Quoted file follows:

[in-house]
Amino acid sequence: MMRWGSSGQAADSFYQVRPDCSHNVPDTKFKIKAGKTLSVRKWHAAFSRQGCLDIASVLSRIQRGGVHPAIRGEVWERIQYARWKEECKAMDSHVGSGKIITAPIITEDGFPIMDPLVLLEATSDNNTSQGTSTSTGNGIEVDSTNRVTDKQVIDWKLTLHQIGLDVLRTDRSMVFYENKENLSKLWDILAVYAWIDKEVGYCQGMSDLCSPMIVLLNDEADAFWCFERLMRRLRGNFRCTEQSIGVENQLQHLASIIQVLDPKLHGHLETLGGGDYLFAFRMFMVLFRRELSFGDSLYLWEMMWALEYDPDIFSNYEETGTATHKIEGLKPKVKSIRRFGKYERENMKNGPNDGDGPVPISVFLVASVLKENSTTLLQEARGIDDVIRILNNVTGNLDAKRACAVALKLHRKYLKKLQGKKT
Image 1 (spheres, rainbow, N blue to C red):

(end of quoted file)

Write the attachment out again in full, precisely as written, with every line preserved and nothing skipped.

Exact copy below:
[in-house]
Amino acid sequence: MMRWGSSGQAADSFYQVRPDCSHNVPDTKFKIKAGKTLSVRKWHAAFSRQGCLDIASVLSRIQRGGVHPAIRGEVWERIQYARWKEECKAMDSHVGSGKIITAPIITEDGFPIMDPLVLLEATSDNNTSQGTSTSTGNGIEVDSTNRVTDKQVIDWKLTLHQIGLDVLRTDRSMVFYENKENLSKLWDILAVYAWIDKEVGYCQGMSDLCSPMIVLLNDEADAFWCFERLMRRLRGNFRCTEQSIGVENQLQHLASIIQVLDPKLHGHLETLGGGDYLFAFRMFMVLFRRELSFGDSLYLWEMMWALEYDPDIFSNYEETGTATHKIEGLKPKVKSIRRFGKYERENMKNGPNDGDGPVPISVFLVASVLKENSTTLLQEARGIDDVIRILNNVTGNLDAKRACAVALKLHRKYLKKLQGKKT
Image 1 (spheres, rainbow, N blue to C red):